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Of winds and elements on thy head will break,

And in thy agonising ear the shriek, Of spirits howling on their stormy car, Will often ring appalling—I portend.

A dismal night—and on my wakeful bed Thoughts, Traveller, of thee, will fill my head,

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And him, who rides where wind and waves contend,
And strives, rude cradled on the seas, to guide
His lonely bark through the tempestuous tide.

HENRY KIRKE White.

ODE WRITTEN IN THE YEAR MDCCXLVI.

How sleep the brave, who sink to rest,
By all their country's wishes blest !
When Spring, with dewy fingers cold,
Returns to deck their hallow'd mould,
She there shall dress a sweeter sod
Than Fancy's feet have ever trod.

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By Fairy hands their knell is rung,
By forms unseen their dirge is sung :
There Honour comes, a pilgrim gray,
To bless the turf that wraps their clay,
And Freedom shall awhile repair,
To dwell a weeping hermit there!

LLINS

ODES AND SONNETS.

DESCRIPTION OF SPRING.

The soote season that bud and bloome forth bringes,
With grene hath cladde the hyll, and eke the vale;
The nightingall with fethers new she singes;
The turtle to her mate hath told her tale.
Somer is come, for every spray now springes;
The hart hath hung hys old head on the pale;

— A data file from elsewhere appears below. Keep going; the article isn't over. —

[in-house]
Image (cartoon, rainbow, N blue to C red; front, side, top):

The buck in brake his winter coate he flynges;
The fishes flete with newe repayred scale;
The adder all her slough away she flynges ;
The swift swallow pursueth the flyes smalle ;
The busy bee her honey now she mynges;
Winter is worne that was the floures' bale.
And thus I see among these pleasant thynges
Each care decayes, and yet my sorrow sprynges.

EARL OF SURREY.

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DEAR Chorister, who from those shadows sends
Ere that the blushing morn dare show her light,
Such sad lamenting strains, that night attends,
(Become all ear) stars stay to hear thy plight,
If one whose grief even reach of thought transcends,
Who ne'er (not in a dream) did taste delight,
May thee importune who like case pretends,
And seems to joy in woe, in woe's despite.
Tell me (so may thou fortune milder try,
And long, long sing) for what thou thus complains,
Since winter's gone, and sun in dappled sky
Enamourd smiles on woods and flowery plains ?

The bird, as if my questions did her move,
With trembling wings sigh'd forth, I love, I love.

DRUMMOND.

SONNET
TO A BROOK NEAR THE VILLAGE OF CORSTON.

As thus I bend me o'er thy babbling stream

And watch thy current, memory's hand portrays

The faint-formed scenes of the departed days, Like the far forest by the moon's pale beam Dimly descried, yet lovely. I have worn,

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Upon thy banks, the livelong hour away,
When sportive childhood wantoned through the day,

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